10 things you need to know about sleep, part 2

Which animal sleeps the longest and how long can a man last without sleeping? Is it true that the Japanese never sleep and that when we wake up we are all taller? Here are five more curiosities about sleep: a challenge without excluding yawning.

5 things that perhaps we should know to sleep peacefully

6. The country where you sleep least

Japan is one of the countries where you sleep least in the world. It is not uncommon, however, to see men and women of all ages seemingly asleep in completely ordinary circumstances. Warning: they are not sleeping, they are making inemuri.

The literal translation of this term is to be present in sleep (nemuri means sleep; the prefix i- indicates being present) and is used to indicate the act of falling asleep on the spot, in whatever context one finds oneself, even - and above all - in public, without this causing embarrassment.

Those who let themselves go to these moments of pause are very likely to do so because they have literally consumed themselves with work: the inemuri would, therefore, be a sign of dedication and complete surrender to the frantic rhythms that Japanese society imposes. The particularity, however, is that, when the situation requires it, those who practice inemuri are able to return to their activities ... in the blink of an eye.

7.  Sleep oddities in the animal world

Even in the animal world there is no shortage of curious habits. There are those who spend most of the day sleeping: to digest the eucalyptus leaves of which it is greedy, the lazy koala sleeps between 20 and 22 hours; the sloth, equipped with strong claws thanks to which it remains anchored to the branches of the trees, rests almost 19 hours a day; like all bats, sleeps upside down even the brown vespertilium, which at night goes in search of food and for the remaining 18 hours you indulge in sleep.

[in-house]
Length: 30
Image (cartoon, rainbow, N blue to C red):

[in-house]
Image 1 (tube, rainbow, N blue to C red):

Then there are those who, instead, sleep very little: elephants are content with only 2 hours a day, as well as giraffes, which from time to time during the day allow themselves to nap for a few minutes.

Some animals sleep mainly standing, others only moving, and then there are those who never sleep: dolphins and whales, in fact, have a particular ability, called alternate unihemispheric slow-wave sleep, which allows them to sleep with half their brains at a time, keeping the other half completely active and that senses the possibility to feel dangers and threats.

The idea of Bruce McAllister and Randy Garner was to break the record of absence of sleep, until then held by a dj from Honolulu, who remained awake for 260 hours in a row.

A baby sloth is sleeping

8. Sleep and height

Sleep makes us taller. In the morning we measure 0.5 cm more: this is because the intervertebral discs - those pads that are placed between the vertebrae of the spine and have the function of cushioning the pressure and, in general, the shocks that our column suffers during normal activities that we perform, making it possible to move - at night are not stimulated by weight and gravity and then return to their original shape.